Obviously, research really needs to be done to understand why people get hangovers but also the relationship between low sodium and persons who consume vast amounts of alcohol.
Persons who drink large volumes of water are also at an extremely high risk for hyponatremia. Let me stress that water is dangerous if you consume too much. I think, it’s called water toxicity. You dilute your blood electrolyte levels to a non-functioning capacity. This is why if you participate in vigorous training, exercise, running, swimming, etc, you should consume a product like Gatorade or even sodas (but I highly recommend sports drinks because they not only have sodium but other electrolytes like potassium). There is a certain type of psychological disorder where people consume large amounts of water. These persons are at frequent risk for hyponatremia.
It can also be caused by certain blood pressure medications (diuretics) can induce hyponatremia. Here’s the really scary thing regarding this, you might be on the diuretic for Years and never have an issue, but then one day, with no warning, it causes you to develop hyponatremia.
My GP described an incidence of this with one of his older patients. The person had been taking a certain diuretic blood pressure medication for over TEN years, and then one day developed severe hyponatremia!!! The only determined cause was her BP medication.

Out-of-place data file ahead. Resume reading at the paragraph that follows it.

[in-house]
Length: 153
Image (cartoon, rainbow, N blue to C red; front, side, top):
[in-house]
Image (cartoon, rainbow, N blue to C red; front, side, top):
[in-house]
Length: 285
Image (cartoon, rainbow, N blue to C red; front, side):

There is strong incidence of persons who have heart failure, kidney disease, and liver disease to develop low sodium.
The elderly and the very young are also at great risk. Isn’t that the case with everything?
(Addendum: I recently found out from my local children’s hospital that it is pretty common and devastating for infants. They develop hyponatremia because in this depressed economy families are watering down formula to conserve costs. The watering down effects impacts the electrolyte balances in infants and leads to hyponatremia. It was mentioned that this is a huge issues in Kentucky. I’ve raised two children. One of which received infants formula, I had no idea that this was potential threat. I am so relieved that I was never in the position where I had to dilute formula to save money, but I am certain this occurs a lot. The representative also warned that if an infant or child developed hyponatremia, they were at greater risk for death or brain damage. It was not stated if this was because of CPM/EPM or hyponatremia itself. If you or someone you loved is in this situation, please inform them of this risk! ).
So, at this point, you might be wondering who DOESN’T have a high risk for hyponatremia? That is precisely my point. Hyponatermia is very common, and it is absolutely necessary for people to become more aware of this condition and the proper treatment.
If you are in one of the higher risk categories, take a few minutes to read about the symptoms, how it should be treated, and then pass it on. Make other people aware of it, and SAVE A LIFE 🙂
Some basic symptoms of hyponatremia: Muscle cramps, severe headache, nausea, fatigue, vomiting, confusion, delirium, hallucinations, and coma.